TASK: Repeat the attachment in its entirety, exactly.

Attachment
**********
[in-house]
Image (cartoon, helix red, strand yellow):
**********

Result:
[in-house]
Image (cartoon, helix red, strand yellow):